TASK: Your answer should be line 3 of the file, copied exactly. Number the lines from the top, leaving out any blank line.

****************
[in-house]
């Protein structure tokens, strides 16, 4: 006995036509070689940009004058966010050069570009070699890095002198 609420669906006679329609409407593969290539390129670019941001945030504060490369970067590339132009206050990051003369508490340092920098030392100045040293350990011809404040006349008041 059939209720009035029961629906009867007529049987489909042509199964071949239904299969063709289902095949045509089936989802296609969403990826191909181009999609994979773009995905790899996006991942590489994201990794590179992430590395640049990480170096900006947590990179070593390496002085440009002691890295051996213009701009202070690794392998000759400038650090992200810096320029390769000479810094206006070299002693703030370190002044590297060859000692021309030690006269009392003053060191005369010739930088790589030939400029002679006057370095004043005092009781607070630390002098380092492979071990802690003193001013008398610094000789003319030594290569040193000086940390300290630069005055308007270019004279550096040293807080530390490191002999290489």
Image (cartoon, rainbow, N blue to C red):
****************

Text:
Image (cartoon, rainbow, N blue to C red):